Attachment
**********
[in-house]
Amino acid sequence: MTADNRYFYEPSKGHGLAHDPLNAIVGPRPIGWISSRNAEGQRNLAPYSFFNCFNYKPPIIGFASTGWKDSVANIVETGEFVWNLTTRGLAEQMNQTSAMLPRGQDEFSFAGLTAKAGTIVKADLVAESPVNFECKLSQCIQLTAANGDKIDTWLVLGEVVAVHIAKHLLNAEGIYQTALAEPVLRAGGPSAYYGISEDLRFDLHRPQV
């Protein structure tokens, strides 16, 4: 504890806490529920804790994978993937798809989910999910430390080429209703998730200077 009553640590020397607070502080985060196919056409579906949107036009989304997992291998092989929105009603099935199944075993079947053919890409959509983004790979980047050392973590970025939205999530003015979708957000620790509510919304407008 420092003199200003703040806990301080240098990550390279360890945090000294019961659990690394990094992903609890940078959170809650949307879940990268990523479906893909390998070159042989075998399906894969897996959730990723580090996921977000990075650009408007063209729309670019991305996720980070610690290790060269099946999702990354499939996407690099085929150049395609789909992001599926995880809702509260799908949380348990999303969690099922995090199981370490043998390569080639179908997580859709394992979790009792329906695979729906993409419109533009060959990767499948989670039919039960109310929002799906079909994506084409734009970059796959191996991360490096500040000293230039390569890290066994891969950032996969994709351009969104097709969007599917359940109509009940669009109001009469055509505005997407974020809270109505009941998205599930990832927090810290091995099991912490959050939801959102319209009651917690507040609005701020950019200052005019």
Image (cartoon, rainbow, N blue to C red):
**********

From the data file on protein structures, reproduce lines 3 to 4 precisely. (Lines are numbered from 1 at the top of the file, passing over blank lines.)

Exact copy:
């Protein structure tokens, strides 16, 4: 504890806490529920804790994978993937798809989910999910430390080429209703998730200077 009553640590020397607070502080985060196919056409579906949107036009989304997992291998092989929105009603099935199944075993079947053919890409959509983004790979980047050392973590970025939205999530003015979708957000620790509510919304407008 420092003199200003703040806990301080240098990550390279360890945090000294019961659990690394990094992903609890940078959170809650949307879940990268990523479906893909390998070159042989075998399906894969897996959730990723580090996921977000990075650009408007063209729309670019991305996720980070610690290790060269099946999702990354499939996407690099085929150049395609789909992001599926995880809702509260799908949380348990999303969690099922995090199981370490043998390569080639179908997580859709394992979790009792329906695979729906993409419109533009060959990767499948989670039919039960109310929002799906079909994506084409734009970059796959191996991360490096500040000293230039390569890290066994891969950032996969994709351009969104097709969007599917359940109509009940669009109001009469055509505005997407974020809270109505009941998205599930990832927090810290091995099991912490959050939801959102319209009651917690507040609005701020950019200052005019």
Image (cartoon, rainbow, N blue to C red):